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Lightweight
Crave
Fighting
1-2
11.21.01

Kabuki Warriors


Ever play sword fighting in your backyard with your little brother or best friend? Ever wish that you were a samurai and that your entire goal in life was to strike down enemies who had trashed your honor with the cold, sharp blade of a sword? Well, in Kabuki Warriors, you only find some of the old nostalgia and possibly some of the more intricate fighting that you may have seen in Bushido Blade and Kengo. The XBox, in all of its glory manages to deliver a game that doesn't necessarily treat the gamer to a spectacle of swords and blood, but more of an exercise in patience and timing!

The story line behind Kabuki Warriors is something that you really have to take with a grain of salt in order to understand and work with correctly. There isn't much of a prize at the end of your journey and you have to really get into the mode of having to carefully choose and place your attacks accordingly. Although you may think that the game is boring, Kabuki Warriors is not a game that features excessive special attacks or fireballs, but more of a technical way of sword fighting. You'll start in the Japanese countryside and move forward into different towns, making money and claiming fame before you get the main tournament in Kyoto, and attempt to win the championship.

Graphics

Visually, Kabuki Warriors isn't all that spectacular and I'll admit to you right now that the game looks more or less like the original Bushido Blade for PlayStation. From time to time you may see that the animation is stiff and forced with the special attacks being little more than twists and turns of your character attacking in different ways. Ah, if you're looking for small details in the characters, then don't bother because much like actual Kabuki, all of the character faces are painted on and do not move! The locations that you fight in are typically the same, so without really noticing what the backgrounds have to offer in terms of scenery, you may find it to be a little more repetitive than you are willing to stand.

Sound

Audio wise, you have little more than some sort of attempt to be traditional with a lack of music and overall soundtrack to accompany the game. Where you'll hear most of the music is with the different menu selections and you really won't find too much to go along with your fights unless you play a CD in the stereo. The sound effects also tend to drag on with the most prominent of them all being the stomping of feet on a wooden floor and some sort of scream being played every time you do something in either the game or the menu. When you place these two things together, you'll find that there really isn't much here to offer and there can be some serious muting going on.

Gameplay

The game play is something that you really have to understand in order to enjoy and the moment you pick this game up, you need to understand that this game is not fast and furious, but more about timing and patience. Although the game attempts to give you a very challenging time, the only challenge is to work with the combat system and learn how to defend and attack accordingly. Now, the offensive moves that you have in your battles are pretty basic, with different skills coming through with the different teams that you decide to work with. Almost like Kengo, you have a couple of different sets of characters that allows you to fight in different styles. However, the lack of moves in each group is nothing of the depth that Kengo offers, and you'll have to learn to work with what you have.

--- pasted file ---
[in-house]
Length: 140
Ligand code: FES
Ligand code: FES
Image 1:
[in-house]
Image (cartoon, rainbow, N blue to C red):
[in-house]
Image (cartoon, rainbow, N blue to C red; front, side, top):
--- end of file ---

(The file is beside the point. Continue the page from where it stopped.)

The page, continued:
The main mode of the game is the Tournament Mode in which you travel from town to town in order to get through the game. Now, by performing in each of these towns with the fighting, you can earn money in order to travel onto the next town or further along the route to Kyoto. However, what you'll find is that money isn't just earned by winning a match, but rather by impressing the crowd with your skills and getting them to thrown coins at you for successful demonstration. All in all, this little feature is something that makes up for the lack of fighting, in which you have to use what you have successfully in order to make your money instead of just pounding on your opponent.

Control is a little strange in this game, simply because you have the four buttons to work with and then the analog stick. Because the XBox controller is heavy and large, you may have to work with the game a little bit in order to get the desired effect that you're looking for. Attacks and otherwise are simple to pull off with enough practice, and if you're a veteran of games such as Bushido Blade and Kengo, then you shouldn't have a problem working with this title. Something that does come up as a challenge though is getting the defensive rolls and otherwise to work correctly, and you'll have to practice your timing to get them down!

Bottom Line:

Kabuki Warriors is for the Samurai at heart that really don't need too much to go along with the overall feel of the game. While there really isn't much to offer you in terms of audio and visuals, there are some pretty cool concepts here that have to be realized in order to enjoy the game. Even though this isn't a fast paced game and you may find it to be a little more dragging than your usual fighting game, the different objectives that you complete in your fights are something that is fairly new and innovative. For anyone else looking for a top notch fighting game, you best look elsewhere, because this is for hardcore fans only!

-Drew Guirey




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